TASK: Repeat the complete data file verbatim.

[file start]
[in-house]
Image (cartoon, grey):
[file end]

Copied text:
[in-house]
Image (cartoon, grey):